Canadian seniors feel increasingly isolated as high inflation takes its toll – National

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With inflation at its highest level in almost 40 years, Canadians are feeling the financial strain. In a six-part series this summer, The Canadian Press is reaching out to people at different stages of their lives to see where they’re hit hardest. This final story in the series details how rising inflation is affecting the elderly.

Azim Jeraj canceled his gym membership earlier this year.

The 69-year-old resident of Sherwood Park, Alberta. says he could no longer justify the monthly fee in the face of the rising cost of groceries, utilities and prescription drugs.

Read more:

Inflation slowed to 7.6% in July. What does this mean for the Bank of Canada?

“I joined a group of senior cyclists instead. I cycle with them twice a week, and it costs nothing,” Jeraj said. “You find things like that to do. You are constantly looking for things that are not expensive.

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Like every other age demographic right now, Canadian seniors are being forced to make tough choices, cutting out frills and extras in the face of high rates of inflation for nearly 40 years.

But older people also face a unique challenge, which is less talked about – the increased social isolation that experts say often occurs due to high inflation.


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Seniors facing severe isolation in long-term care homes


Seniors facing severe isolation in long-term care homes – January 13, 2022

According to Statistics Canada, 27.9% of Canadian seniors in 2017-2018 lived alone, compared to 14% of the general population.

Doctors know that maintaining relationships and maintaining social activity play an important role in the mental and physical health of this age group. Social isolation in older adults has been linked to increased emotional distress and the prevalence of depression, increased falls and use of health and support services, and even premature death.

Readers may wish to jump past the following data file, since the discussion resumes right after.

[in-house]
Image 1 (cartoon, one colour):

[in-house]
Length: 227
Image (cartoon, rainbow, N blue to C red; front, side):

But getting around costs money, even if it’s just meeting friends for coffee, driving to a church service, or taking the bus to a fitness class.

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“People don’t think social isolation is linked to inflationary costs. What we think immediately is that people won’t be able to buy food, shelter, take their medicine,” said Laura Tamblyn Watts, CEO of CanAge, a national seniors’ advocacy organization. “But you have to be connected somehow, and the connection costs.”

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Many Canadian seniors live on fixed pensions or rely on government benefits such as the Canada Pension Plan, which _ with its annual adjustment in January for inflation _ has not caught up with recent skyrocketing increases in the cost of life.

Seniors are also worried about their investment portfolios as inflation weighs on the stock market. And for those who have been banking on their home equity to support their retirement, rising interest rates and their effect on the housing market are a real concern.